By William Booth, Published: November 29
MEXICO CITY — Mexico’s attorney general has compiled a list showing that more than 25,000 adults and children have gone missing in Mexico in the past six years, according to unpublished government documents.
The data sets, submitted by state prosecutors and vetted by the federal government but never released to the public, chronicle the disappearance of tens of thousands of people in the chaos and violence that have enveloped Mexico during its fight against drug mafias and crime gangs.
Families have been left wondering whether their loved ones are alive or among the more than 100,000 victims of homicides recorded during the presidency of Felipe Calderon, who leaves office Saturday.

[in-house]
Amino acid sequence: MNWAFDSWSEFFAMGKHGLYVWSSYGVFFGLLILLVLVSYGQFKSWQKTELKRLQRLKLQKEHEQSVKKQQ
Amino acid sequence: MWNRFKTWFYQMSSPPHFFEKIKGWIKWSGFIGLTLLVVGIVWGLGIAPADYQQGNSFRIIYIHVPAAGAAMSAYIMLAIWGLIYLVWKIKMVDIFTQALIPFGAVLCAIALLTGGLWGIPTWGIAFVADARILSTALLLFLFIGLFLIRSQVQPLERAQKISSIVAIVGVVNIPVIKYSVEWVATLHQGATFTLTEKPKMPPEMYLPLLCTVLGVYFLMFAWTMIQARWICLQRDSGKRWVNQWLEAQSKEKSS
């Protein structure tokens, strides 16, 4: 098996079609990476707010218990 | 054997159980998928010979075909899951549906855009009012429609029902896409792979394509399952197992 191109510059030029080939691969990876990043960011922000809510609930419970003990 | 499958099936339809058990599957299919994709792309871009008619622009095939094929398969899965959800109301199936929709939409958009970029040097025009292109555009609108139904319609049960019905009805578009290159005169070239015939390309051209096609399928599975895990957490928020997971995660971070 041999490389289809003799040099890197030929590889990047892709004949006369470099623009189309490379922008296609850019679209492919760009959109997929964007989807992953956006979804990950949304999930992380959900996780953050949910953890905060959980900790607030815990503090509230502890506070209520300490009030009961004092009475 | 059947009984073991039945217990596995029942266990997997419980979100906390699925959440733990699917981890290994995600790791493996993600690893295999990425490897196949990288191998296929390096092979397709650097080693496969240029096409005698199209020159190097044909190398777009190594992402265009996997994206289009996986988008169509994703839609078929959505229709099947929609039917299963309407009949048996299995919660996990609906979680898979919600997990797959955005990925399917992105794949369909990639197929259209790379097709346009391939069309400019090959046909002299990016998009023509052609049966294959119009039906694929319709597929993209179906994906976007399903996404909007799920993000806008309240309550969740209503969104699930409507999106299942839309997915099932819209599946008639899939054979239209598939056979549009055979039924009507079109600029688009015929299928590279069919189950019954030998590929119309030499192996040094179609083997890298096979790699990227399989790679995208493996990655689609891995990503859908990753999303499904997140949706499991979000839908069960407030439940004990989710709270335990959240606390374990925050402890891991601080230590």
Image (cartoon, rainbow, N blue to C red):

The names on the list — many more than in previous, nongovernment estimates — are recorded in Microsoft Excel columns, along with the dates they disappeared, their ages, the clothes they were wearing, their jobs and a few brief, often chilling, details:
“His wife went to buy medicine and disappeared,” reads one typical entry.
“The son was addicted to drugs.”
“Her daughter was forced into a car.”
“The father was arrested by men wearing uniforms and never seen again.”
The documents were provided by government bureaucrats frustrated by what they describe as a lack of official transparency and the failure of government agencies to investigate the cases. Leer más de esta entrada